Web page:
Ukrainian President Volodymyr Zelensky visited Sweden on Saturday, his first visit to the country since Russia’s full-scale invasion of Ukraine last year, while at home a missile strike in the center of a northern city killed five people and wounded dozens.
The Swedish government said Zelensky will meet officials in Harpsund, about 120 kilometers (75 miles) west of Stockholm. He will also meet Sweden’s King Carl XVI Gustaf and Queen Silvia at a palace in the area.
Sweden abandoned its longstanding policy of military nonalignment to support Ukraine with weapons and other aid in the war against Russia. It also applied for NATO membership but is still waiting to join the alliance.
A Russian missile strike killed five people and wounded 37 others on Saturday in the city center of Chernihiv, the regional capital of the northern province of the same name, Interior Minister Ihor Klymenko said.
Zelensky condemned the attack, which he said hit buildings including a theater and a university.
“This is what a neighborhood with a terrorist state is, this is what we unite the whole world against. A Russian missile hit right in the center of the city, in our Chernihiv,” the Ukrainian president wrote on Telegram. “A square, the polytechnic university, a theater. An ordinary Saturday, which Russia turned into a day of pain and loss.”
In Russia, President Vladimir Putin visited top military officials in the city of Rostov-on-Don near the Ukrainian border.
The Kremlin said that Putin listened to reports from Valery Gerasimov, the commander in charge of Moscow’s operations in Ukraine, and other top military brass at the headquarters of Russia’s Southern Military District.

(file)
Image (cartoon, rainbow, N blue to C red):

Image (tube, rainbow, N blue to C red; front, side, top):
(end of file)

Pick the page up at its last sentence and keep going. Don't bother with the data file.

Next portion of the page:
The exact timings of his visit were not confirmed, but state media published video footage that appeared to be filmed at night, showing Gerasimov greeting Putin and leading him into a building. The meeting itself was held behind closed doors.
Putin’s visit was the first since the Wagner mercenary group ’s attempted mutiny in June, which saw the group’s fighters briefly take control of Rostov-on-Don.
During June’s short-lived revolt, Wagner head Yevgeny Prigozhin repeatedly denounced Gerasimov, who serves as chief of the general staff of the Russian armed forces, and Defense Minister Sergei Shoigu for denying supplies to his fighters in Ukraine.
Prigozhin claimed that the uprising was not aimed at Putin but at removing Gerasimov and other top brass who he claimed were mismanaging the war in Ukraine.
Ukraine this week has claimed counteroffensive gains on the southeastern front, regaining control of the village of Urozhaine in Ukraine’s eastern Donetsk region on Wednesday.
The leader of the Russian battalion fighting to maintain control of Urozhaine called for “freezing the front” on Thursday, claiming his troops “cannot win” against Ukraine.
“Can we bring down Ukraine militarily? Now and in the near future, no,” Alexander Khodakovsky said in a video posted to Telegram.
Overnight into Saturday, Ukraine’s air force said it shot down 15 out of 17 Russian drones targeting Ukraine’s northern, central and western regions.
The deputy governor of the western Khmelnytskyi region, Serhii Tiurin, said two people were wounded and dozens of buildings damaged by an attack.
In the northwestern Zhytomyr region, a Russian drone attack targeted an infrastructure facility and caused a fire, but no casualties were reported, said Gov. Vitalii Bunechko.